Page 6 June 21, 1968 Los Angeles Free Press
L. TED RHOADES
TGIF was the password across
the nation. In Los Angeles the day
broke like almost any other June
Friday. Between dawn and midnight
the temperature would rise;
smog would accumulate like a bad
dream; my wife would lose her
virginity; and, the Los Angeles
Police Department would spill the
blood and crack the skulls of
hundreds of middle-class, white
American citizens at the Century
Plaza, reminiscent of the
good ol’ Gestapo days.
Back in Washington on this 1967
June day, Senator Dodd was censured
on ONE COUNT of “Financial
misconduct” that” …tended
to bring the Senate into dishonor
and disrepute …” whatever that
means. His misconducts were essentially
the same as those of
The Power Structure had thrown
the book at Adam there are
those who believe that his severe
punishment was more traceable to
his color than to his flamboyance.
Governor Reagan was still notcampaigning
in Omaha, advocating,
among other things, “… the
mining of the Haiphong Harbor.”
In Mississippi James Meredith
continued his lone march
through the State. It was a brave
gesture, but like most civil rights
gestures, it bore no fruit.
To the north and east, in Glassboro,
N.Y. Johnson and Kosygin
took turns grinning into the tv
cameras of the world. Since neither
this country nor the world is
any better this 23 June, either
they agreed on nothing, or just
lied to each other.
My wife and I arrived at the
Cheviot Hills Playground at 4:00
P.M. It was three hours before
the protest parade was scheduled
to move along Pico Boulevard and
the Avenue of the Stars, past the
Century Plaza Hotel where LBJ
Lynda Bird and 1,500 other
Democratic Elite-and-Rich gathered
to scheme about another
four years in the White House
for their Fearless Leader, LBJ.
Already at 4:00 parking was a
problem, and we had to park 3/4
mile from the rallying point. As
we walked we could feel the hostility
of the LAPD,pressingdown
like a humid day. These were
clean cut, bright eyed, noble
looking, Christian young American
men and not all were young
in spic-and-span police uniforms,
but they glared and snarled
as if our presence were a personal
insult to them individually
Overhead the big yellow police
helicopter buzzed back and forth
like a buzzard looking for dead
bodies. It interferred with the
public address system, featuring
Dr. Spock and Muhammad All, and
reminded the assembled that The
Establishment was watching.
We had arrived early deliberately.
I wanted to study the dissenter,
as if he were under a microscope.
I was a veteran protestor,
probably more experienced
than 90% of the gathering, because
I dated back to Ban The
Bomb protests of Steve Alien,
Joe Dolan and Linus Pauling …
when, if we had a hundred concerned
Americans, we felt inspired.
But 23 June was a reappraisal:
did I a middle-aged, non-practicing
Caucasian have anything
in common with the typical protestors?
Could I identify with
them? Could they identify with
me? Or, was the whole ball of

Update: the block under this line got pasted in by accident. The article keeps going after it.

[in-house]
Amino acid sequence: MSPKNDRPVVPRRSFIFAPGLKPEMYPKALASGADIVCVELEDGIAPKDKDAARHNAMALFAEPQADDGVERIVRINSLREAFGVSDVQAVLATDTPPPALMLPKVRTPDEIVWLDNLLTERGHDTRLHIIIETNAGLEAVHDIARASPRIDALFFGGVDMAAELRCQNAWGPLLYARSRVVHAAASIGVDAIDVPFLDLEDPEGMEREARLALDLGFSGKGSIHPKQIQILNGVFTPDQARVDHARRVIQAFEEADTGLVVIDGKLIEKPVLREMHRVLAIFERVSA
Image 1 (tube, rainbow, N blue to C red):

wax a waste of time?
My wife was a virgin. She had
doubts about the sanity of us protestors;
she especially questioned
our attitudes about the police. She
was a typical housewife not necessarily
gullible and naive but
her normal intercourse with the
police was when she saw them
helping kids across a busy intersection;
or a Public Relation Officer
speaking at the PTA: or
hearing reports of the integrity
and glory of the Police over Establishment
television and radio.
And there was always the L.A.
Times. She secretely regretted
that our only son had not become
a police officer.
But on that 23 June, even with
her virginity, she detected the
oppressive hostility of the police.
I studied the 3,000 who were
already there, 2/3rds of them
were hippies bonafide, dedicated,
hippies. I questioned
my middle-classism, middleagism
against their non-conventional-
ism, their non-participationism,
and wondered if maybe
in my advancing years I had become
embittered, cynical and
if I were espousing a lost cause,
sponsored by the fringe-element
of affluent L.A.?
The 3000 grew to 6000, and the
complexion of the crowd changed.’
It grew older, more dignified,
less opaque as the office workers,
clerks, engineers, and other conventional-
dissenters gathered at
the rallying point. And I felt more
and more as if I did identify
as if our cause were not lost.
Overhead Reddin’s mosquito
buzzed and harrassed the crowd.
On the ground non-flying mosquitos
circled round and round
in squad cars, motorcycles, and
in buses loaded with uniformed,
From 6,000 we grew to 10,000,
and eventually to 16,000. Now
the per cent of hippies dropped
from 66% to 25%, and I studied
each one critically, because this
was my baptism to mass-hippieism.
In this group of 4,000
young drop-outs, supposedly a
disgrace to an affluent, intellectual
society, I never saw one
drunk, or one under the influence
of pot; I never saw one
who was abusive, profane, lewd,
belligerant, or insulting. I saw
them practicing their religion of
“love*, and in this respect I
lost my virginity, because it was
my first in-depth study of the
hippie. I never saw one who,
by act or word, disgraced the
gathering, or the country. In
fact they were more adjusted
and mature than most of the nonhippie
society, and I was ready
to identify with them, and hoped
they would accept me.
(Continued on page 8)
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Page 8 June 21, 1968 Los Angeles Free Press
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